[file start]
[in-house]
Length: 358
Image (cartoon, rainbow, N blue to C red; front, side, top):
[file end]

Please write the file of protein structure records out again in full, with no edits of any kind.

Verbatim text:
[in-house]
Length: 358
Image (cartoon, rainbow, N blue to C red; front, side, top):